For the filling, I whipped together confectioners sugar, a splash of the stout, a little vanilla-bean paste, unsalted butter, cream cheese, and a dab of heavy cream. Too, too yummy, I tell you what. You have to try these.

Black Chocolate Stout Whoopie Pies 
with Fluffy Stout Cream Filling
(For a printable version of this recipe, click here!)

Yield: At least a dozen large whoopie pies.

Preheat your oven to 350 degrees and line two or more cookie sheets with parchment paper.

Ingredients for the cookie-cakes:
4 and 1/4 cups all-purpose flour, unbleached
scant 1/2 tsp. coarse kosher salt
1 and 1/4 tsp. baking powder
1 and 1/4 tsp. baking soda
3/4 cup natural cocoa powder (I used Penzey's brand.)
1 cup black chocolate stout, not cold (I used Dubious Black Chocolate Stout from North Peak Brewery.)
2 cups light brown sugar, firmly packed
3/4 cup canola oil
1 egg, large
1 tsp. vanilla bean paste or vanilla extract (I used Nielsen & Massey vanilla paste.)
1/2 cup buttermilk

Ingredients for the fluffy stout cream filling:
3 and 1/2 cups confectioners' sugar, sifted or whisked (I recommend Domino's 10x; if you use this, you can get away without sifting.)
2 Tbsp. black chocolate stout
1 tsp. vanilla bean paste or vanilla extract
1/2 cup unsaltened butter, room temperature
1/2 cup cream cheese, room temperature
1 and 1/2 Tbsp. heavy cream

To prepare the whoopies:

Whisk the flour, salt, baking power, and baking soda in a medium size bowl, then set aside.

In a large bowl, whisk the cocoa powder to break up lumps. Pour in the black chocolate stout and whisk until it's well mixed.

In another medium size bowl, stir together the brown sugar and the oil. Pour this into the large bowl with the chocolate mixture. Add into that the egg, vanilla, and buttermilk. Whisk until very well combined. Carefully fold in the flour, using a rubber spatula, scraping the bowl as needed.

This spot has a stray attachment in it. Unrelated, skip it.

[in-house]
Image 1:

Then, I recommend letting the batter sit for about ten minutes. It sort of thickens a bit as the dry ingredients absorb the moisture and it becomes easier to scoop.

Use an ice cream scoop to portion the batter onto the parchment sheets, leaving at least an inch for each whoopie to spread out when it bakes. (I used a number 24 scoop; that holds 3 tablespoons. Feel free to make them smaller if you like, reducing baking time accordingly.)

Bake each tray for about 12 minutes, just until the whoopies look completely dry on top and a toothpick inserted in the middle comes out mostly clean. Cool the whoopies on the parchment for a few minutes, then use a thin metal spatula to remove them to a cooling rack. They may stick a bit, even on the parchment, so be careful when you're lifting them off of it.

Once they're completely cool, assemble your whoopie pies either by spreading the filling on with an offset spatula or by using a pastry bag. Store the filled whoopies well covered (I put them on a half sheet tray that was first covered with parchment, then laid a loose sheet of parchment atop that, then covered it all with plastic wrap.) You may want to keep them chilled until ready to serve, as the filling can become quite soft.

To prepare the fluffy stout cream filling:

In the large bowl of your mixer, using the paddle attachment, beat the butter and cream cheese until soft and well combined. On the lowest speed, add in the confectioners' sugar, a cup or so at a time until the sugar is all mixed in. Add in the stout, vanilla bean paste or extract, and heavy cream. Beat on medium-high speed for a couple of minutes, until light and fluffy. If the filling seems too warm and soft, chill it before filling the whoopies.

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Friday, May 4, 2012

Blog2Print Gift Certificate Giveaway Winner!

Just wanted to announce the winner of our Blog2Print $35 gift certificate. Drum roll please . . . Congratulations to Brooke at Tale of Three Forks blog! Brooke is a new mom who obviously loves everything about life with her baby girl. Brooke, please email me at, and I'll give you the info you need to retrieve your gift certificate directly from Blog2Print. Again, heartiest congratulations. I really hope you enjoy making your very own blog book.